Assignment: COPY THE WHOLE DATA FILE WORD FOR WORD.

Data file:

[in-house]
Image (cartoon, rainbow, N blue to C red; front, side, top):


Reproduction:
[in-house]
Image (cartoon, rainbow, N blue to C red; front, side, top):